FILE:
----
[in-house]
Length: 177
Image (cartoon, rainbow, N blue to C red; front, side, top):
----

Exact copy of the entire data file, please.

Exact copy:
[in-house]
Length: 177
Image (cartoon, rainbow, N blue to C red; front, side, top):